WATER WORLD
Scientists say water on moon may have originated on Earth

Moon landing mission to use "secret weapons"

NASA launches spacecraft to study Moon atmosphere

NASA-Funded Scientists Detect Water on Moon's Surface that Hints at Water Below

WATER WORLD
Upgrade to Mars rovers could aid discovery on more distant worlds

Investigating 'Coal Island' Rock Outcrop

Terramechanics research aims to keep Mars rovers rolling

New technology could make for smarter planet rovers

WATER WORLD
Elite Group of Young Scientists Embark on DARPA Research Efforts

From Elvis to E.T.? The Voyagers' extraordinary tale

Astronauts prepare for deep space -- by going deep underground

NASA's Voyager first spacecraft to exit solar system

WATER WORLD
China civilian technology satellites put into use

China to launch lunar lander by end of year: media

China launches three experimental satellites

Medical quarantine over for Shenzhou-10 astronauts

WATER WORLD
ISS Releases a White Stork and Awaits a Swan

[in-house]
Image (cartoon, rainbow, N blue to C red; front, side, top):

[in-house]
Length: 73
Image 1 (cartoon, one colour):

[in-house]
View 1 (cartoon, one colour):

Three astronauts back on Earth from ISS: mission control

ISS Crew Completes Spacewalk Preps

Russian cosmonaut set for space station mission resigns

WATER WORLD
Russian space official denies report of problem in Soyuz return

Lockheed Martin Atlas V To Launch Morelos-3 ComSat

Japan sets new date for satellite rocket launch

Arianespace delivers! EUTELSAT 25B/Es'hail 1 and GSAT-7 are orbited by Ariane 5

WATER WORLD
Coldest Brown Dwarfs Blur Lines between Stars and Planets

NASA-funded Program Helps Amateur Astronomers Detect Alien Worlds

Observations strongly suggest distant super-Earth has water atmosphere

Waking up to a new year

WATER WORLD
First laser-like X-ray light from a solid

Space's 'Ferrari' set to fall to Earth

Chinese-built Bolivian satellite tested in space simulator

Indiana Jones meets George Jetson




The content herein, unless otherwise known to be public domain, are Copyright 1995-2014 - Space Media Network. AFP, UPI and IANS news wire stories are copyright Agence France-Presse, United Press International and Indo-Asia News Service. ESA Portal Reports are copyright European Space Agency. All NASA sourced material is public domain. Additional copyrights may apply in whole or part to other bona fide parties. Advertising does not imply endorsement,agreement or approval of any opinions, statements or information provided by Space Media Network on any Web page published or hosted by Space Media Network. Privacy Statement